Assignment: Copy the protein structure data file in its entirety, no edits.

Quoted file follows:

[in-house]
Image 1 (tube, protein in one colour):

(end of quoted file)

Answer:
[in-house]
Image 1 (tube, protein in one colour):